At Home on Big Coppitt
Susan Degner is one strict lady. “We have a rule at our house as far as showers go. Get wet, shut the water off, soap, then rinse pretty quickly,” she said.
She shares a home on Big Coppitt with her husband, daughter, and 18-month old grandson and talks candidly about only washing full loads of laundry and how to teach a youngster to shut off the water while brushing his baby teeth. He uses a tiny Dixie cup to rinse. Dishes are cleaned through an energy-saving dishwasher, and when dishes are washed by hand, the soapy water goes into her plants’ watering can.
Needless to say, water isn’t wasted.
Our Three Sources of Water
Primary: The Biscayne Aquifer
Florida Keys Aqueduct Authority spokeswoman Colleen Tagle said, “The Biscayne Aquifer is our primary source of water. This source is easy to get to, totally fresh, and refreshing! This water meets and exceeds all state and federal drinking standards when it comes out of the ground. We simply disinfect it, soften it, add fluoride, and then send it down a 130-mile journey through the Keys.”
Secondary: The Upper Floridian Aquifer
FKAA Director Jim Reynolds said, “When demands are high, we turn to brackish water. Through normal osmosis, we balance the concentration of the liquids. We want to take a water of high concentration of salts and make lesser concentration of salts, and the only way to reverse flow is to force pressure through the membrane.”
Emergency: Ocean Water
Two Reverse Osmosis Plants on Stock Island and in Marathon
Roy Coley, FKAA’s Operations Manager said, “The Reverse Osmosis plants we have on Stock Island and in Marathon run 30 percent efficiency on sea water. This is strictly for emergencies if a hurricane, other disaster or disruption affects the pipeline. Due to the cost, we only run on an emergency basis. The ocean water from these RO plants is also available during times of extreme draught.”
At FKAA’s Florida City Treatment Facility
“We’re producing 1.5 million gallons a day, and we’re taking approximately 1.8 million gallons out of the Upper Floridian Aquifer for an 80 percent recovery. That’s pretty darn good,” said FKAA supervisor Rick Zucker. He recently took a group of business leaders in the Keys on a tour of the plant along with Tagle, Coley, and deputy executive director Kerry Shelby.
They have a new reverse osmosis operation to take brackish water from another water source – the Floridian Aquifer – remove the salt, and make the water safe to drink.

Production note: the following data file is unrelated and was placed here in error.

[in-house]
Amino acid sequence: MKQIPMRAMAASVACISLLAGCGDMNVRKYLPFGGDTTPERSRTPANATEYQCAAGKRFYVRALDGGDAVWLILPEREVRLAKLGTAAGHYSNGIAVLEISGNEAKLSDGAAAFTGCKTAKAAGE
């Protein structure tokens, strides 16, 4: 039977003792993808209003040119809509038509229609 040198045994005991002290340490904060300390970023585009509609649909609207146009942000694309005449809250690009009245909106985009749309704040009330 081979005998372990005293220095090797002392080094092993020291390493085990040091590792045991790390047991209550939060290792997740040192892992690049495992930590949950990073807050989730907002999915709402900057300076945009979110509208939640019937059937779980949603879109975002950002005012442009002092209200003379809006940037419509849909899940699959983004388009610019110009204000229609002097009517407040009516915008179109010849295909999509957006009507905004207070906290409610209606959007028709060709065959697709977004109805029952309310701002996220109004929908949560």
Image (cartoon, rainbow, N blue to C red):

“System wise, from here to Key West in one year, your water will be tested over 85,000 times. At every site along the way, at intervals throughout the day, your water is checked for pH, chlorine, and ammonia. Know there is a constant testing process all the time so we are able to detect if anything goes wrong with the water supply; whether its contamination in the well or any other reason, we’re in a constant testing mode to give you confidence the water is safe,” Coley explained.
The water coming from the Floridian Aquifer being treated with reverse osmosis comes from a 1,700 foot well. If people don’t conserve, the FKAA has to turn on the system.
“If we keep usage down to 17-18 million gallons a day,” according to Tagle, “We don’t have to run this. But, if everybody is wasting, we have to turn it on and start running all of this.”
Eighteen million gallons a day is the maximum amount of H20 the FKAA is permitted to pipe from the Biscayne Aquifer. This time of year, we’re averaging 14 million gallons. Since 2001, usage has been trending up slowly three to four percent. In 2001, when the region was stricken with drought, the economy was kickin’, real estate was boomin’, residents were irrigating and there were simply more people inhabiting the islands.
“We exceeded the amount taken out of Biscayne,” Reynolds recalls. “We were told to develop alternative water sources and constructed this brackish water treatment facility.”
The formation of the Upper Floridian Aquifer is similar to Swiss cheese – 100 feet thick, much deeper and located farther north than the Biscayne Aquifer.
A tremendous amount of power is necessary to treat this water. During peak season, 3 million gallons may come from the desalination plant. The facility sits on 100 acres within a 300-acre pine preserve in Dade County. The Navy gave the land to the Aqueduct Authority in 1976. The land must be preserved as a forest assuring there won’t be any development.